Ebanks v. New York City Transit Authority

Categories: Bank

Facts:

* Julius Ebanks’s left foot got caught in a 2-inch gap between the escalator step and the side wall of the escalator, which was owned and operated by the New York City Transit Authority. * He was thrown violently to the ground after reaching the top. His hip was fractured along with other serious injuries. * The standard gap of the city’s building code was 3/8 inches * Ebanks (plaintiff) sued the Transit Authority (defendant) to recover damages for his injuries.

Issues:

* Who wins?
* Were plaintiff’s injuries the result of Transit Authority’s negligent operation and maintenance of the escalator?
Decisions of the court:
* Julius Ebanks wins and he can recover damages from the Transit Authority under negligence per se doctrine.


Reasoning:
Under the doctrine of negligence per se, a defendant is liable if fails to repair and maintain a damage that causes injuries to the plaintiff. The injured party does not have to prove the defendant owed the duty because the statute establishes it.

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Because the building code established the requirement for the space between an escalator step and wall cannot exceed 3/8 inches while the gap in this case was 2 inches, Transit Authority did violate the building code. Since the building code was made to prevent this sort of injury and Ebanks was meant to be protected under the building code, the Court held in favor of Ebanks under negligence per se doctrine.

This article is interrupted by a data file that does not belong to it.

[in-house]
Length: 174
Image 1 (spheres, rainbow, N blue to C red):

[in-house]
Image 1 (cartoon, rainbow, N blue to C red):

Managerial Implications:
Businesses have to take a very careful look at their responsibility established by statutes or ordinances and take action to fulfill their responsibility to avoid causing injuries and therefore, avoid a lawsuit.

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Result of Opposite Ruling:
Businesses would need not to always follow a statue or ordinance. A safety standard wouldn’t always be guaranteed and businesses could build their own standard of safety.

Cite this page

Ebanks v. New York City Transit Authority. (2016, Nov 21). Retrieved from https://studymoose.com/ebanks-v-new-york-city-transit-authority-essay

Ebanks v. New York City Transit Authority

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